Cross-cultural moments abound in my marriage. While I am not in Turkey right now, they still seem to come fast and furious seven years into this road trip together with M. – the road trip that I am narrating here on this blog as I try to take the tenets of “cultural responsiveness” learned in my professional life and put them into practice in my own life. Now that I am in tune with the Karagöz shadow puppets in my life, I find them very comforting. These Karagöz puppets (known for their specific characters since Ottoman times) have embodied the confused voices in my head that battle it out for how to handle some small or large cross-cultural confusion in any given moment. They have seen me through a lot. This morning, they saw me through the somewhat scary presence of black, hairy turnips on my kitchen counter as these somewhat ominous images prove.
This morning, when I awoke, I did not know I was about to hit a cross-cultural moment. I stumbled into the kitchen in search of some sort of warm caffeinated beverage with which to jumpstart my faulty engine, and I saw these. At first, I thought they were black turnips, used to make Şalgam Suyu – a very popular drink in Turkey especially when one is hung over, apparently.
M. says it is totally delicious and that he used to drink it while he was in the army (required for all Turkish young men) in the southern part of the country).
Can you say “pucker up, anyone?” Şalgam Suyu is served cold with kebabs or cig kofte (“sig-cough-teh”) which is a delicacy (see the photo – that is kofte made with raw meat).
But back to New England on this autumnal morning and to my kitchen counter with Halloween vegetables abounding and to my husband, ever the bright and sprightly morning person that I am not and never will be, made sure to let me know that this hairy beast of a vegetable was in fact a radish he had procured at yesterday’s farmer’s market. As I stumbled about the kitchen, he shoveled the radishes into a plastic bag to take for lunch. “What kind of lunch is that?” I said, simultaneously hearing the entire Karagöz puppet chorus cry out in unison – that’s a Turkish junk food, as you call it, be accepting! And it is healthy, too – what’s to object?” It was too early in the morning for me to contemplate these hirsute items, so I commenced the tea making and studiously ignored them.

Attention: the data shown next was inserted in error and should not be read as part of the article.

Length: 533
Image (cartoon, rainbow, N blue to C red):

Later in the day, when I sought some guidance from M. on what the hairy beasts are used for, he launched into the recounting of his afternoon walk home from school. The kuruş (derived from the German Groschen, 100 of which constitute one lira) jingling in his pocket all through the Cihangir neighborhood, his mouth would water at the thought of purchasing a forbidden lamacun (lah-mah-jun) that his mother insisted was made from cat meat in an effort to deter him from eating street food. He talks lovingly of holding the hot lamacun in his hands, waiting for the seller to grate black radishes on top of it for some vegetal spice action. It took us about a minute to find the word grate – he described it in detail, not knowing the English word though he is twenty years into this U.S. experiment of his. We hit on “grater” after some interesting telephone pantomime. In any case, his loving memory of these childhood times reminded me of milky tea and apples with my mom on our back porch after school – raised in a suburban area, we had no street food around. Inspired, I sat and prepared tonight’s lecture on the back porch, in the sun, replete with milky tea and fresh Fuji apples. The power of childhood memories from two sides of the world led to a great morning. The puppets snoozed in the sun around me as I planned my lecture, peaceful in their sleep.
- Of road trips and rose hips (slowly-by-slowly.com)
- 2011 Interlude: Hurricane Irene, Chicken Little and the Tough Turk (slowly-by-slowly.com)
- Sweet Heat: Apple, Radish and Fennel Salad (treehugger.com)